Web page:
While Arabs and the Arab press continue their diatribes against the UNSCOP partition plan and against the US for supporting the plan, the Arab Governments are following a policy of “watchful waiting” in the expectation that the plan will be defeated in the UN General Assembly. The UK, which announced some time ago that it would not assume responsibility for enforcing partition, may be expected to expedite its withdrawal from Palestine if UNGA accepts partition. If no decision is reached at this session of UNGA, the UK will probably set a definite date for withdrawal (within the next eighteen month) and, as in India, attempt during the intervening period to persuade the Arabs and the Jews to accept some sort of settlement.

Offers of armed support to the Iraqi Army and other Arab armies to prevent the partition of Palestine have been agreed upon at an Iraqi tribal conference, representing Iraq’s 600,000 nomads. The most significant aspects of the conference are that: (1) the innumerable chronic antagonisms between the various tribes have been submerged in the face of the common danger in Palestine; (2) the Kurdish tribes are willing to associate themselves with an essentially Arab issue; and (3) Prime Minister Saleh Jabr is the guiding force behind the whole movement. If the Iraqi Government can retain control of this movement, the Government will have at its disposal for possible action in Palestine a formidable force of fanatic fighters.


The recent decision of the USSR to support the UNSCOP majority plan for the partition of Palestine represents an important change in Soviet policy in the Middle East. This decision apparently reflects the Kremlin’s realistic acceptance of its failure to achieve a working arrangement with the present Arab leaders. Inasmuch as the Arabs have resisted Soviet overtures and Communist ideology, the Kremlin apparently has decided upon a course calculated to create the maximum degree of instability in the Arab world. Such a chaotic condition would jeopardize the influence of the US and UK in the Middle East and would endanger the stability of those Arab governments which look to the West for support. Consequently, it would permit the USSR to increase its influence throughout the area. The establishment of an independent Jewish state, with the subsequent removal of immigration restrictions, would make it possible for thousands of Communist-indoctrinated “refugees” from the Satellite nations to emigrate to Palestine. The USSR would thus acquire, for the first time, a substantial foothold in the Middle East.

Another major reason for Soviet support of partition is undoubtedly the desire to obtain UN recognition of the right of a minority group to set up its own state, with the support of the great powers, in the land where it resides. Such recognition would constitute a precedent for Soviet support of an ‘‘independent” Kurdistan and for the return of the Turkish eastern provinces to a reconstituted “independent” Armenia.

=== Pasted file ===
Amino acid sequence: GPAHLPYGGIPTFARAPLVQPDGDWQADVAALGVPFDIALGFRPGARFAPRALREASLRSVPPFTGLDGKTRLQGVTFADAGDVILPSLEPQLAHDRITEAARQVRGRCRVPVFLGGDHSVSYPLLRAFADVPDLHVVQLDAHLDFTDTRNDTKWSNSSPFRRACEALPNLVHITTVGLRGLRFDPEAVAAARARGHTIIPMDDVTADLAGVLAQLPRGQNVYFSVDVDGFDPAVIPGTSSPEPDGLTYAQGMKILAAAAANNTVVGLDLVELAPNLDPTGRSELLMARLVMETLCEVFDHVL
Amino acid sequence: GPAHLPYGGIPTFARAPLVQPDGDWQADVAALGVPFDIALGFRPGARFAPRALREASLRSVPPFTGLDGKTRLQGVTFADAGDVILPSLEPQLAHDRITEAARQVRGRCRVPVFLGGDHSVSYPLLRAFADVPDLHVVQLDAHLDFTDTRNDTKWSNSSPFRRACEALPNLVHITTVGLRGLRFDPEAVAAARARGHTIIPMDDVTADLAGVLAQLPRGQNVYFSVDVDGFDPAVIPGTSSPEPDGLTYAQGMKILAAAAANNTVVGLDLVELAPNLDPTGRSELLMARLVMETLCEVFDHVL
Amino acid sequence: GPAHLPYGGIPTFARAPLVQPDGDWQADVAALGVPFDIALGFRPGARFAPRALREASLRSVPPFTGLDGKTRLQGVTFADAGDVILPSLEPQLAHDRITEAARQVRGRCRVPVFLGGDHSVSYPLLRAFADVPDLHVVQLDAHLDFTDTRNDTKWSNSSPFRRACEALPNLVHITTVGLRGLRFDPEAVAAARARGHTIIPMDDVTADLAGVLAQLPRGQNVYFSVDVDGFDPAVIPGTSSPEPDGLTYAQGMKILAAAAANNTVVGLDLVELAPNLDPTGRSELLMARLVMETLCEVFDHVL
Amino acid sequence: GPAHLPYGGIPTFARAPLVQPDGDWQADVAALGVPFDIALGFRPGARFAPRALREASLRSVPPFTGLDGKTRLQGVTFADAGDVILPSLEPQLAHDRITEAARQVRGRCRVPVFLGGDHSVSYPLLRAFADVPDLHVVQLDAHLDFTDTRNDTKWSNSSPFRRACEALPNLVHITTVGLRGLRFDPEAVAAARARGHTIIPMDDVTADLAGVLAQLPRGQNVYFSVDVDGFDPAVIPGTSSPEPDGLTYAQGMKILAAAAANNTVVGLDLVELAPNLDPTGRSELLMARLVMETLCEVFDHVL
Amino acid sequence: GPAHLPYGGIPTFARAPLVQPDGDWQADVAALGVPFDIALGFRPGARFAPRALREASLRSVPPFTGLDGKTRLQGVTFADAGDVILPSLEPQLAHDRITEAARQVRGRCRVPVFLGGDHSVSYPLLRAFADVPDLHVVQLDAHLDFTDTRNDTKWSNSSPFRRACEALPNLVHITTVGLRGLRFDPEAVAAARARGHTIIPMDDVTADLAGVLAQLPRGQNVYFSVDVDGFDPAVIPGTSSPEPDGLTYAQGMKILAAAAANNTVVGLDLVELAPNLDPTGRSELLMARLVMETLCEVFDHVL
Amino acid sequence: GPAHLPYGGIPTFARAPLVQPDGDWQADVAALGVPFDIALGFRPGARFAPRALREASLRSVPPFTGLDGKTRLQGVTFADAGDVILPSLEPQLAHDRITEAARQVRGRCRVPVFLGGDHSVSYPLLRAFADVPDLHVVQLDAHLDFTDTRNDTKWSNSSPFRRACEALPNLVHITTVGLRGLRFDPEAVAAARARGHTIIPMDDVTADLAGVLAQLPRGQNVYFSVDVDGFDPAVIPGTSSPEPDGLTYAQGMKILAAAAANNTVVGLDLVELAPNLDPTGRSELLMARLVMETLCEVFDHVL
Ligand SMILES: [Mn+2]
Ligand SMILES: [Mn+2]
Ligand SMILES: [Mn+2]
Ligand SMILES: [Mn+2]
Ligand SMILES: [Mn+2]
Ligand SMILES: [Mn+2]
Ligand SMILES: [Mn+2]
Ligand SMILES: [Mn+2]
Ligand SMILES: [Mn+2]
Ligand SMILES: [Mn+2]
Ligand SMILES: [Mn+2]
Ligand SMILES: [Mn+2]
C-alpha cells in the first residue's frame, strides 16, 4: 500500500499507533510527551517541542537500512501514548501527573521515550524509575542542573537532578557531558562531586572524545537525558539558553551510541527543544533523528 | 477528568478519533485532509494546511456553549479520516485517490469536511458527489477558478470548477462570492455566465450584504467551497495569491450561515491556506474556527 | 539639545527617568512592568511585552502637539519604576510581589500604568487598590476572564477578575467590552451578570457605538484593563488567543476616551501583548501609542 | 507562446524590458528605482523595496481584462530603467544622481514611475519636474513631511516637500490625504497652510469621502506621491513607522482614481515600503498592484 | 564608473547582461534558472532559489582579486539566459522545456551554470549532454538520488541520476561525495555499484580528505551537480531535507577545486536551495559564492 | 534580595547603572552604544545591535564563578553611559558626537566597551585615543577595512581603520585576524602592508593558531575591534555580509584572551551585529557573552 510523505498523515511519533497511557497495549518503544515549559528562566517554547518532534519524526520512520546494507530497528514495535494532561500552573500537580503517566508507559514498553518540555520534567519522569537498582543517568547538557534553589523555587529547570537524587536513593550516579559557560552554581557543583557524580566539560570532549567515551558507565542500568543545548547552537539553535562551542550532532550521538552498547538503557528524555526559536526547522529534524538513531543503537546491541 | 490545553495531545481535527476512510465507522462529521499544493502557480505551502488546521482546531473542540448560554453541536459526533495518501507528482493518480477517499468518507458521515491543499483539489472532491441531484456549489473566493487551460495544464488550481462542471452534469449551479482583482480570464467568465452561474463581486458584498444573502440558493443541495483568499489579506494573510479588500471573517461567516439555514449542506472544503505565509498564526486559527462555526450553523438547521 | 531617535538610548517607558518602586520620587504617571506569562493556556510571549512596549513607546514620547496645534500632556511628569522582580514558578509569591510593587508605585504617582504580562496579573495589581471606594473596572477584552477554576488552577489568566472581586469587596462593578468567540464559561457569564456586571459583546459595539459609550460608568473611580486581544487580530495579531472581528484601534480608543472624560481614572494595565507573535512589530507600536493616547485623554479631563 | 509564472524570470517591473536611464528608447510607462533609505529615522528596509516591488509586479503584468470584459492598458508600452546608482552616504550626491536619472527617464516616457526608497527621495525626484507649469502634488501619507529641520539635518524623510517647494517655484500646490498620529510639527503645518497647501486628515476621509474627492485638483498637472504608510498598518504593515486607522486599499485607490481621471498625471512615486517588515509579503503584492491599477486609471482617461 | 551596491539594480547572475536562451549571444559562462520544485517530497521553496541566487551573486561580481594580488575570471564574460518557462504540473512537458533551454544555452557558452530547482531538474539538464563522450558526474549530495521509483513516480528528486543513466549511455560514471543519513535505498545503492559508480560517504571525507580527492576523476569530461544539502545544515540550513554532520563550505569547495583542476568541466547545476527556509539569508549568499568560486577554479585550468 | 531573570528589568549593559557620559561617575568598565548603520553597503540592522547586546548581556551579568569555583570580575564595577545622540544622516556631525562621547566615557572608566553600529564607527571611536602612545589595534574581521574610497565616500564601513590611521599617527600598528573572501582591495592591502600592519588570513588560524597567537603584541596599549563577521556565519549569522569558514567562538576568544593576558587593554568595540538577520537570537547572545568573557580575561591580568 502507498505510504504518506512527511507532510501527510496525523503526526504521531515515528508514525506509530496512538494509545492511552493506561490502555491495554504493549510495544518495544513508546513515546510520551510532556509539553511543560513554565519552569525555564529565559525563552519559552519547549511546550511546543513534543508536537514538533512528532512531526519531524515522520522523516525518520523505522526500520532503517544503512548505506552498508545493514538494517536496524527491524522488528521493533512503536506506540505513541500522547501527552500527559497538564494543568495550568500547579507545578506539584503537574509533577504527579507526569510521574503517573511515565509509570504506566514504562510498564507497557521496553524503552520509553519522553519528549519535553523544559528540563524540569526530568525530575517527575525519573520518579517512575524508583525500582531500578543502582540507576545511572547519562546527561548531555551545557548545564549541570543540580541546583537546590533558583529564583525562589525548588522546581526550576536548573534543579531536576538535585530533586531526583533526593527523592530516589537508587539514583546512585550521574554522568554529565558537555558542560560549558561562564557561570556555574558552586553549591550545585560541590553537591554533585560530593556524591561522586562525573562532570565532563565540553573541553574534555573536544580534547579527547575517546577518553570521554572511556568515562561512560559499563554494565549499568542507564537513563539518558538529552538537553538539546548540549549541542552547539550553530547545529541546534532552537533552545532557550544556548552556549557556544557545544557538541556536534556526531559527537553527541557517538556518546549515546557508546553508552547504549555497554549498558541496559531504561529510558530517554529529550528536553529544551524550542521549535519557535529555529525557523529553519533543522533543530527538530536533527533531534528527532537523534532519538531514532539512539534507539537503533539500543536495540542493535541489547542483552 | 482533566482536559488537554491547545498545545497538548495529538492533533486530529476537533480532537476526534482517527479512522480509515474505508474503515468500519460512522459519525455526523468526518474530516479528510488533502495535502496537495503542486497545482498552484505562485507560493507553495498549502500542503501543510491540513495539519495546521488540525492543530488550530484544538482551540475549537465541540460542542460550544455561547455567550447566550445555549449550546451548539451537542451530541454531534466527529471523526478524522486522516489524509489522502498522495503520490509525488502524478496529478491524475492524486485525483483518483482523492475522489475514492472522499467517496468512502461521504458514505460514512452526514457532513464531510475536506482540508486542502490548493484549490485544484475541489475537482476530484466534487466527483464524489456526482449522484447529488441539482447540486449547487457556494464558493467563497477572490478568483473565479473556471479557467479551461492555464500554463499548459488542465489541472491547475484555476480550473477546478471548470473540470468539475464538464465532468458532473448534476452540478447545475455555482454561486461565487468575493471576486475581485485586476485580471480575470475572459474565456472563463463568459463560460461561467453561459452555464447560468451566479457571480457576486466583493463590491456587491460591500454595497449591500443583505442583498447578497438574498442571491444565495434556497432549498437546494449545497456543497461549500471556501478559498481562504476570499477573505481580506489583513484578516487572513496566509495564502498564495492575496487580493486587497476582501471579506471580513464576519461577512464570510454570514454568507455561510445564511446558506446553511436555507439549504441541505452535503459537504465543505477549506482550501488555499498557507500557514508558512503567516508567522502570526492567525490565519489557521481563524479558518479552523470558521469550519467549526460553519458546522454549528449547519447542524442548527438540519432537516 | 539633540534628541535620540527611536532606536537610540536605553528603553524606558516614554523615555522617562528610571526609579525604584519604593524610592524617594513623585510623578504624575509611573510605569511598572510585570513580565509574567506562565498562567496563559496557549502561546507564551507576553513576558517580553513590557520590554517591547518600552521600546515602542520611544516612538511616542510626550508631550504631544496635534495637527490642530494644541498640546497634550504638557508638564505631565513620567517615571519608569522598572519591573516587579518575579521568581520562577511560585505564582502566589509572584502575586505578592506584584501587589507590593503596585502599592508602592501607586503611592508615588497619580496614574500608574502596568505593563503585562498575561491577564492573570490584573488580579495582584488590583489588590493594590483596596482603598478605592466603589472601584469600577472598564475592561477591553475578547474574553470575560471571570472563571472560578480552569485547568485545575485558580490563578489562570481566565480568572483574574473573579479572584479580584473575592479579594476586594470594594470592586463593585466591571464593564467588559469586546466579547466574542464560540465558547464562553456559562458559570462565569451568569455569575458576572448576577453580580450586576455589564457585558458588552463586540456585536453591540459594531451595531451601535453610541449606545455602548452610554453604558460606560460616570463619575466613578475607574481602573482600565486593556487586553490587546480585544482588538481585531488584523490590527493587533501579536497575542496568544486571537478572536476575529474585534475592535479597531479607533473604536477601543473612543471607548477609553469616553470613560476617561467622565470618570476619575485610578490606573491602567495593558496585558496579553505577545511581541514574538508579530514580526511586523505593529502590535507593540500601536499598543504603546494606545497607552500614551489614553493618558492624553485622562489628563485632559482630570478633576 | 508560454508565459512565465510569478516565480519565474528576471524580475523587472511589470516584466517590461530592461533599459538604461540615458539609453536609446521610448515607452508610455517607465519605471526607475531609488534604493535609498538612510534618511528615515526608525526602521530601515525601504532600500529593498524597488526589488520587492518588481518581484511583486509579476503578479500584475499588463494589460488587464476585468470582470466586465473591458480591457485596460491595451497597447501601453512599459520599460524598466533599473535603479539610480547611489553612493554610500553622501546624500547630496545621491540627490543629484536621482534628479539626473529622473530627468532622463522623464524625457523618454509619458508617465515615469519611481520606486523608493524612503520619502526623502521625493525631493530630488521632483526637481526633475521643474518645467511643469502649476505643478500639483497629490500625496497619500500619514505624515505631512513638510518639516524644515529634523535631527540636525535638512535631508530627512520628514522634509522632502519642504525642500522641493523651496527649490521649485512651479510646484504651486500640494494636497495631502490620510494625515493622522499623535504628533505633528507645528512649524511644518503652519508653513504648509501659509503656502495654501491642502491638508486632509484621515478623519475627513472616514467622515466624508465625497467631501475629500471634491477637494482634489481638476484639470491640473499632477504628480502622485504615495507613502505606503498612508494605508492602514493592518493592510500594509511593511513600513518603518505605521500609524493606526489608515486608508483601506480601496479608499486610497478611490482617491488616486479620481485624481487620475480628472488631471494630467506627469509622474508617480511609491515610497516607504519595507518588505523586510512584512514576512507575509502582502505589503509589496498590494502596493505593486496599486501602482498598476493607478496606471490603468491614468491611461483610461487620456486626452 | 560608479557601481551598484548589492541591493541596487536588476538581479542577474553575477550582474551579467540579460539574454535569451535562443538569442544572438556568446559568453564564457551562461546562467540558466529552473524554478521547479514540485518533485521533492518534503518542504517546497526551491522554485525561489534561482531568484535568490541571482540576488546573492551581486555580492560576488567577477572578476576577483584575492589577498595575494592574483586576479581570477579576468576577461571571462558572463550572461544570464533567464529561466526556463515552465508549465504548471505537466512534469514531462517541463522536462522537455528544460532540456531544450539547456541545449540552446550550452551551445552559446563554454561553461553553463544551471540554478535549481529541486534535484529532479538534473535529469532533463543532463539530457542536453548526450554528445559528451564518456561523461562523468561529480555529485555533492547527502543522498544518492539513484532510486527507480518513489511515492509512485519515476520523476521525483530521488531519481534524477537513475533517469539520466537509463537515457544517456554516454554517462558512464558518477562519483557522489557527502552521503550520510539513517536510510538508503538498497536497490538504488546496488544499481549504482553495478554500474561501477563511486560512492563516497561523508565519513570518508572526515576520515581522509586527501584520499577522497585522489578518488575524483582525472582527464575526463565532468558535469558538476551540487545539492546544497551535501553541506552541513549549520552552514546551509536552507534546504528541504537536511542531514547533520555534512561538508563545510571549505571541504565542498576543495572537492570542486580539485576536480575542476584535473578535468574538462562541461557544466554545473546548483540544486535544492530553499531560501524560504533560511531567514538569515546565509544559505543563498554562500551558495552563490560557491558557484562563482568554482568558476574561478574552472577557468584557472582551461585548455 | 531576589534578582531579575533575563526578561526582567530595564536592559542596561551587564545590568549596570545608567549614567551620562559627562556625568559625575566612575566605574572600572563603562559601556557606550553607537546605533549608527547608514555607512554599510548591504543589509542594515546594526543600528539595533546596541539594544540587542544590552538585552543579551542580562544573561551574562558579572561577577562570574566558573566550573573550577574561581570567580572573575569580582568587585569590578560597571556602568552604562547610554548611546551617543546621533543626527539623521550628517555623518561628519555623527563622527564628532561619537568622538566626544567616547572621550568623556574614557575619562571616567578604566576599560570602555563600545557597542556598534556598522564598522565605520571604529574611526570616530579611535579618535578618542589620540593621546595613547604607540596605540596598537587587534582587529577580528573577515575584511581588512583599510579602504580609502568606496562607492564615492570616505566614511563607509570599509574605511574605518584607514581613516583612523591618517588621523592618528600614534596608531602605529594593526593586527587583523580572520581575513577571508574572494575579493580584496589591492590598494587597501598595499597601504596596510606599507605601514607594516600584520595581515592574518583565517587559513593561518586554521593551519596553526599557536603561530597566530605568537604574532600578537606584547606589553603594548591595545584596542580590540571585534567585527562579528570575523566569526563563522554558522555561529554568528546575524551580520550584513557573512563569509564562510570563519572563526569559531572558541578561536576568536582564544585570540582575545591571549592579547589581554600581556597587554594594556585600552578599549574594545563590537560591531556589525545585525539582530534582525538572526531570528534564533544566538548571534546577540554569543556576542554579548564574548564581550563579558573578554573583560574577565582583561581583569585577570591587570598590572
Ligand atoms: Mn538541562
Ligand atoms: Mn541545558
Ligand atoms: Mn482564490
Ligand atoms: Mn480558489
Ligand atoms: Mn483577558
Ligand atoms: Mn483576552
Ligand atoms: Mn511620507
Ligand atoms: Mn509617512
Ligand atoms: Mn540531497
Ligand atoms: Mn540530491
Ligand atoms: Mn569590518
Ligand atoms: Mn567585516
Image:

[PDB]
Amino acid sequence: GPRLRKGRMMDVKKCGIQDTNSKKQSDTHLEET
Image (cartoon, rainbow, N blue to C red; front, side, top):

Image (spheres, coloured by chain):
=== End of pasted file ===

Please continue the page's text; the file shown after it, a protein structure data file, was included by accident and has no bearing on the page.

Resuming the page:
The Soviet leaders probably reason that a Jewish state, enjoying the vigorous support of influential Jewish elements in the US, would serve as a continuing irritant to US-Arab relations. Moreover, they probably believe that the formation of an international constabulary under UN auspices would provide the USSR with an excellent opportunity to place in Palestine experienced Soviet personnel who would be capable of integrating their activities with local pro-Soviet groups.

December 5, 1947

Concerted Arab action against the partition of Palestine may be expected after the British withdrawal which is expected to begin early in 1948. Meanwhile, evidence is increasing that the USSR intends to capitalize on the chaos which will result from attempts to implement partition.

The Palestine Situation

The initial Arab reaction to the UN decision on Palestine has followed the expected pattern of “spontaneous” rioting. In Palestine, these outbreaks consist of armed clashes between Arabs and Jews; in the Arab states, there are attacks on Jewish quarters and demonstrations directed primarily against the US. Such manifestations of popular feeling may be expected to continue as a preliminary to large-scale organized Arab resistance to partition. The Arab League is scheduled to reconvene on 12 December to complete plans for the defense of Palestine, but concerted military action will probably be delayed until after the British withdrawal, which is expected to begin early in 1948.

The Arabs do not intend to establish a separate government in the Arab-state sections of Palestine delineated by the UN and are expected to boycott all efforts of the UN commission charged with the transfer of authority from the British to the new Arab and Jewish states.

Meanwhile, evidence is increasing that the USSR intends to make capital of the chaos resulting from attempts to implement partition. If troops from various countries are sent to Palestine, the USSR will undoubtedly seek to include a contingent of Soviet troops specially trained for subversive political activities. At present, the USSR is taking steps to establish its influence in the area by sending agents to Palestine along with illegal immigrants. A sizeable number of Soviet agents are reportedly included among the bona fide immigrants on the PAN CRESCENT and PAN YORK, two ships under Panamanian registry scheduled to sail for Palestine from the Rumanian port of Constanza between 10 and 15 December. Space on the vessels has also been allotted to the ‘‘Jewish Marxist Youth,” a Rumanian organization oriented toward Moscow.